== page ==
Aardwolf Facts

Aardwolf Profile

The Aardwolf is a member of the Hyena family, which also includes the spotted hyena, brown hyena and striped hyena. Their name means “Earth Wolf” in the South African Afrikaans language.

Aardwolves are found only in Africa and have a very specific distribution. Two separate populations exist; one in Southern Africa and the other in East Africa. Unlike other hyenas, they are insectivorous.

aardwolf facts

Aardwolf Facts Overview

Habitat: Grassland and Tree Savannah
Location: Southern, Eastern and North-Eastern Africa
Lifespan: Approx. 7 years
Size: Up to 80cm long (plus tail) and height 45cm
Weight: 8-12kg
Color: Small and slender with a reddish brown colour and darker stripes on the torso and legs
Diet: Almost exclusively eats termites, but may feed opportunistically on carrion and eggs if desperate
Predators: Lions and leopards. Cubs can be predated on by black-backed jackals
Top Speed: 30 kph (20 mph)
No. of Species:
Conservation Status:
Least Concern

Aardwolves are the smallest of all Hyenas, standing at approximately 45cm tall. They resemble a miniature striped Hyena with a slender build and the typical sloping back of other Hyenas. Their mane and tail are very bushy and their reddish brown colour accentuates the dark stripes on their legs and torso.

Their range is determined by the availability of their food source, namely termites. Aardwolves feed almost entirely on termites and rely completely on the open, savannah grasslands where termite colonies are common.

They are often found in the drier grasslands where antelope and cattle have over-grazed and thus are extremely important in maintaining the ecosystem balance by keeping termite numbers down.

Aardwolves are strictly nocturnal foragers. They spend the day in burrows which have been created by aardvarks and other digging animals. They are considered weak diggers but extend existing burrows to make suitable dens.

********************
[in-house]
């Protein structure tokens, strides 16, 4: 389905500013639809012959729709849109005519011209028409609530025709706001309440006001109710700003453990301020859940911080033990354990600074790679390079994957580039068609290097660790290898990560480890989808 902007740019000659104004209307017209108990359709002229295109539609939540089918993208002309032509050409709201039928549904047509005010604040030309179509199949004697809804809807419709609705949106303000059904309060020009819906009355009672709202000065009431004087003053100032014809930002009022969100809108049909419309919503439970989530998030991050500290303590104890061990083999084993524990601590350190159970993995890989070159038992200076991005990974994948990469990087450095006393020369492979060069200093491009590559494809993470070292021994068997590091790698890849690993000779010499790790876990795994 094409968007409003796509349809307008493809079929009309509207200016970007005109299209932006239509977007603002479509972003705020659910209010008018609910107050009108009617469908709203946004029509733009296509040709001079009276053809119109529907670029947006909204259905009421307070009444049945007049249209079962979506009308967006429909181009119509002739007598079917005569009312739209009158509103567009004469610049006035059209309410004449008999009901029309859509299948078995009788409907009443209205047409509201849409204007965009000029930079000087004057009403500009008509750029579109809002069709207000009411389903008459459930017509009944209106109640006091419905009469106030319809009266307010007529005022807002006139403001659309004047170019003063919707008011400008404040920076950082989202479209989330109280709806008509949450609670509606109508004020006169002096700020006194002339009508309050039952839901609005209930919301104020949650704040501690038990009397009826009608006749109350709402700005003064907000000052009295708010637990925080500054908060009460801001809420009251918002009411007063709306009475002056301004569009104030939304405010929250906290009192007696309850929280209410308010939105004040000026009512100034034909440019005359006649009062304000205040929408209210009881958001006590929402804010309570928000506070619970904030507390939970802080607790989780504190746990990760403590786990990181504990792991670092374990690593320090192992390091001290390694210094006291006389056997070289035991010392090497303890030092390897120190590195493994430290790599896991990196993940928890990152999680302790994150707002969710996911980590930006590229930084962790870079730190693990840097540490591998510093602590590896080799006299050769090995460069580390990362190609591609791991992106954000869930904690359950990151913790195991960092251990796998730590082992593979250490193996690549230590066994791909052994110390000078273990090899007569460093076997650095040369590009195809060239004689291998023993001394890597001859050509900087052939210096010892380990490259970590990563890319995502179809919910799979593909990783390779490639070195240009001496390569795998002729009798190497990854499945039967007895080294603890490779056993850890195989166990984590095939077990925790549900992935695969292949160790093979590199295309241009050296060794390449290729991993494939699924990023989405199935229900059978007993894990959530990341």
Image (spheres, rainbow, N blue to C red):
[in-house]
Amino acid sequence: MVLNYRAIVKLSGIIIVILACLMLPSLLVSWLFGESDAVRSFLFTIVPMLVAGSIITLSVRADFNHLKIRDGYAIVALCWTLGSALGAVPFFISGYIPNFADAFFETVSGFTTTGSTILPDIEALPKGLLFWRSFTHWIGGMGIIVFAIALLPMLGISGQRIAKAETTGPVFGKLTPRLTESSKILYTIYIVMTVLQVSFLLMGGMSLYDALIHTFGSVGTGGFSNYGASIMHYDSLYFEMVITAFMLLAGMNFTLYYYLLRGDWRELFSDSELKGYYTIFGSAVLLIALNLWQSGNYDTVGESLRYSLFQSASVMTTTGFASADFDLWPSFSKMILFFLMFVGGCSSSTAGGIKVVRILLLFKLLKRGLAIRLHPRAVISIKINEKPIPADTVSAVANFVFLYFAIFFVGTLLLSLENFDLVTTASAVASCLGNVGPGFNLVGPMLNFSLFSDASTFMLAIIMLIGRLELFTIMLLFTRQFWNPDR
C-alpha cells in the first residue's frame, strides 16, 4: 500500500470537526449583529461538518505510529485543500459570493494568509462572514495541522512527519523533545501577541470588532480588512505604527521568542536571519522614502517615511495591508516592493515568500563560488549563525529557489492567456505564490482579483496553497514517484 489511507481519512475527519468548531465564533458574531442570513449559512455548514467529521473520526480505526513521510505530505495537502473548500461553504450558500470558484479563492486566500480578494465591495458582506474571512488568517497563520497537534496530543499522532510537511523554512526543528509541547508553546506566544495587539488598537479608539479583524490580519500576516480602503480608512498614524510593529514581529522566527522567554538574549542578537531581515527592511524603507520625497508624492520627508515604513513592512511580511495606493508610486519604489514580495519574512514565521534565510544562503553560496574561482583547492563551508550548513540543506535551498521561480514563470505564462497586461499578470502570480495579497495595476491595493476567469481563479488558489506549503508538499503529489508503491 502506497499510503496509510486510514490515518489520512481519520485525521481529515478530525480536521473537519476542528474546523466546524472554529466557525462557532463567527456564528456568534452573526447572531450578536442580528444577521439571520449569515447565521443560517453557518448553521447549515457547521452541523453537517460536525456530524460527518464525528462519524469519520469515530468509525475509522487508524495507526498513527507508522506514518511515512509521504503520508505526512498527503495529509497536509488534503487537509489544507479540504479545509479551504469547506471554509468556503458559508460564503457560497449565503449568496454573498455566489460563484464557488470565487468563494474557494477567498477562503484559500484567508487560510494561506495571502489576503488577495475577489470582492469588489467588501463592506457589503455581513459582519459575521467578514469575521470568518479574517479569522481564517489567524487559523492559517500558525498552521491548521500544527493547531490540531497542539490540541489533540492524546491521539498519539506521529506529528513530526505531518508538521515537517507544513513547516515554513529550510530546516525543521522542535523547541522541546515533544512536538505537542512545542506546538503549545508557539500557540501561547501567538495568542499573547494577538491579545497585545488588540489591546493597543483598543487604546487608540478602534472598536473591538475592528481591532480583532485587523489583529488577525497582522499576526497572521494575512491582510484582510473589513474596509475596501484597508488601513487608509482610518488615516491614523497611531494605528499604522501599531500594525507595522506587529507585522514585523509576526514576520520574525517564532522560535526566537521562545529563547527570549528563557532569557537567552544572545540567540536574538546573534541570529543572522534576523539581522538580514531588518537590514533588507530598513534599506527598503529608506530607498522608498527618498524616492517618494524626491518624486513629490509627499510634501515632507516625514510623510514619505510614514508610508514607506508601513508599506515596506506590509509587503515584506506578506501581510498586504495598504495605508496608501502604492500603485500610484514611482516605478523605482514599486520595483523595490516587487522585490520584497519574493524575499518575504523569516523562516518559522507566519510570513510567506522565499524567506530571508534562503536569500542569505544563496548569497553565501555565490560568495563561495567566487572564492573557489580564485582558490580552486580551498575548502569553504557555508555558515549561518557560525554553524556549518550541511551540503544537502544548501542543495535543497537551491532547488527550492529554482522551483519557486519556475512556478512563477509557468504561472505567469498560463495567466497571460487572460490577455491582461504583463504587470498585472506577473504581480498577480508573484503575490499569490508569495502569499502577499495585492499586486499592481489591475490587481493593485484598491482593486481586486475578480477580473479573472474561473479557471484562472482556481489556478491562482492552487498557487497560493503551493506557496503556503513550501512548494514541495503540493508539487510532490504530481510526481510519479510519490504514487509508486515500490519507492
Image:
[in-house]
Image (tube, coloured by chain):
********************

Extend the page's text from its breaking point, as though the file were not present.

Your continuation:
At sunset they leave their burrows and quietly forage across the open grasslands for termites. Due to their small size, they try to make as little noise as possible and track the termites by sound. Aardwolves have a particularly well developed sense of hearing and they can hear the sound of termites cutting grass from a long distance away.

Aardwolves primarily forage for harvester termites which are both nocturnal and abundant throughout the different seasons. Once they have located the termites, they use their broad, sticky tongue to lap up the insects off the ground, much like a cat lapping milk. They can eat hundreds of thousands of termites in a single night! Due to the fact that the Aardwolf is so specifically adapted to such a diet, their cheek teeth have been reduced to small pegs to help crush the termites and their canines, though very sharp, are small and thin.

Aardwolves are mainly solitary animals and usually avoid others so as not to attract attention to themselves. They can however be territorial and when fighting or protecting themselves or of their cubs, are known to produce unusually loud barks and growls for a creature of their size. Although males sometimes do fight, resulting in bites and the winner chasing the other away, they do this rarely so as not to alert predators to their whereabouts.

Despite being solitary animals, Aardwolves do form bonds during the breeding season when both the male and female look after their offspring.

The cubs remain in the burrow for 3 months before exploring their surroundings. During this time the male often remains at the den so the female can forage for food. Once the cubs are over one year old, they leave the territory so as not to compete for the same food source.

There is still relatively little known about these extremely interesting animals and despite their abundance in the correct habitat, you would be very lucky to see one in the wild due to their secretive and nocturnal behaviour.

Interesting Aardwolf Facts

1. They are not related to the aardvarks, or wolves!

Despite the name and similar diet of termites, they are not related to aardvarks or indeed wolves – and as already described, are actually a member of the hyena family.